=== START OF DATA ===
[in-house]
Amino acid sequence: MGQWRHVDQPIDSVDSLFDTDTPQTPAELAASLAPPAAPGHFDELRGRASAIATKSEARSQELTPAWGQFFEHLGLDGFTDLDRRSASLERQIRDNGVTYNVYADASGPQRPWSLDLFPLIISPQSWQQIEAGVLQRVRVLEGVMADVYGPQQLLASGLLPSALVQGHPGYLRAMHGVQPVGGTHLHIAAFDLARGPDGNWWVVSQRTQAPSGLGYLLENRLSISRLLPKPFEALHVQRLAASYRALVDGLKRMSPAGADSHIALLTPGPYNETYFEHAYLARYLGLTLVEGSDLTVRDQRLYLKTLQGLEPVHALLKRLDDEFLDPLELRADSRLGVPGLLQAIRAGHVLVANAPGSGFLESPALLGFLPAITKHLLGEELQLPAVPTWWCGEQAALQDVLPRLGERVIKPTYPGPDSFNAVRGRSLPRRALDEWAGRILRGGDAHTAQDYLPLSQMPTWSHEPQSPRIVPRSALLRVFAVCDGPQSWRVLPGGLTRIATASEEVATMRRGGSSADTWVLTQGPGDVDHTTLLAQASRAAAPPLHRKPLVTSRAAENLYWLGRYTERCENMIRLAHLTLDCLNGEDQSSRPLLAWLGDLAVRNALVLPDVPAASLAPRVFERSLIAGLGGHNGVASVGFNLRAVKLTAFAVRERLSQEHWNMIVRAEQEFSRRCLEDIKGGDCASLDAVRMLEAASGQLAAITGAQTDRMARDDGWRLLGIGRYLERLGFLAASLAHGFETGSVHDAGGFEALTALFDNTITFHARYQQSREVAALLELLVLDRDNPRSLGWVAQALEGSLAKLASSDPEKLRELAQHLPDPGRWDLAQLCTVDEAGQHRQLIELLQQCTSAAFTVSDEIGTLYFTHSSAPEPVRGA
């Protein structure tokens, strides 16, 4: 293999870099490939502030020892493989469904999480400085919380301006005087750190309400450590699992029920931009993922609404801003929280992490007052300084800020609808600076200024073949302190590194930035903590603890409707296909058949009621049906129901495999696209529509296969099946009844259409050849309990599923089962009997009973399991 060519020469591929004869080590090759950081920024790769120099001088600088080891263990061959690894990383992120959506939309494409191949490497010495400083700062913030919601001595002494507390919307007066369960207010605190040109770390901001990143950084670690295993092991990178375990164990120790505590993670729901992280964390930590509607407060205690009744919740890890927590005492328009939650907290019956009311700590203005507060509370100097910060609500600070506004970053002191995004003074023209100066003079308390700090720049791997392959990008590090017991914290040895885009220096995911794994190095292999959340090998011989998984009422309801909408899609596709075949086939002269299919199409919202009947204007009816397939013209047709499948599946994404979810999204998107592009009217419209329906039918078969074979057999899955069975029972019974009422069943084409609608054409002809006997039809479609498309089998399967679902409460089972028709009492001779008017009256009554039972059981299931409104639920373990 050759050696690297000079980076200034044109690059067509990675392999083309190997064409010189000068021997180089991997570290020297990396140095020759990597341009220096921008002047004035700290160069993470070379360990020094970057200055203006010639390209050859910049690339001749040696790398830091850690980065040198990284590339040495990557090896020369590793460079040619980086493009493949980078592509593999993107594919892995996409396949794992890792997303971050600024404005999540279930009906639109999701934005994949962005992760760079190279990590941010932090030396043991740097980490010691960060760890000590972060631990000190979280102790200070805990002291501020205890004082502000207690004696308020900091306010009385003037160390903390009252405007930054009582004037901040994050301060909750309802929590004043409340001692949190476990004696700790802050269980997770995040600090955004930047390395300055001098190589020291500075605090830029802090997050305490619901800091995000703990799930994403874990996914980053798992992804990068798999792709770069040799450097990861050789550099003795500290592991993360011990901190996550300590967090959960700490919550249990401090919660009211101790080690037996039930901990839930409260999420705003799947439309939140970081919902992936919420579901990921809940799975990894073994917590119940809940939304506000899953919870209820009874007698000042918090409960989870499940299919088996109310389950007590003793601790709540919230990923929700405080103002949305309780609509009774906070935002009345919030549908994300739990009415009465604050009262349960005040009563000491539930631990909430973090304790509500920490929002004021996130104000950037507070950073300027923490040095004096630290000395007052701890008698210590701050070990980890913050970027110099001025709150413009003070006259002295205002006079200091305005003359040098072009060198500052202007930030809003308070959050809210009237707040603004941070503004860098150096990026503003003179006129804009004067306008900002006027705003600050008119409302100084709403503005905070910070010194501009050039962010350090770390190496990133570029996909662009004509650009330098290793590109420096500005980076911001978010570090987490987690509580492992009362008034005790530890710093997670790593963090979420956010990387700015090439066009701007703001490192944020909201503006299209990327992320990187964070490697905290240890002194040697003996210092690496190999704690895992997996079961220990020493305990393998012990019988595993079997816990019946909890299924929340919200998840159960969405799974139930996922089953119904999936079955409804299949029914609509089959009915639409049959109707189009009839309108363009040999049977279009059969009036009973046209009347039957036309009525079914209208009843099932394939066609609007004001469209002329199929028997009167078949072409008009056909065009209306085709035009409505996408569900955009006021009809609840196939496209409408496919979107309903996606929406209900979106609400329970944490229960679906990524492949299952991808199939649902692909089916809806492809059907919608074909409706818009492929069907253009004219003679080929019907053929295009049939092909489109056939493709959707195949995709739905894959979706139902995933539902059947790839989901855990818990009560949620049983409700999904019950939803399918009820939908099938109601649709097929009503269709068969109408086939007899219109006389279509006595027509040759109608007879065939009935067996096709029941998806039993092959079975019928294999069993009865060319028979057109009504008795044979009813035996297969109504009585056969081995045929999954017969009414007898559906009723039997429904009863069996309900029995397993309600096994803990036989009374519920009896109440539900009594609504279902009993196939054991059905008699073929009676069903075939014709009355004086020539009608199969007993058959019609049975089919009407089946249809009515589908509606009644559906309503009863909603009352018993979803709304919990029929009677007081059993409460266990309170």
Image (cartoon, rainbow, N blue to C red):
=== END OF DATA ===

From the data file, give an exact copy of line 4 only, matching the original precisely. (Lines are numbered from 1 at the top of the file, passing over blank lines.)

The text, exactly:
Image (cartoon, rainbow, N blue to C red):